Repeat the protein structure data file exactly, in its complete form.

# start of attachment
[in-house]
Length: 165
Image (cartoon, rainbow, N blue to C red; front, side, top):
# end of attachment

[in-house]
Length: 165
Image (cartoon, rainbow, N blue to C red; front, side, top):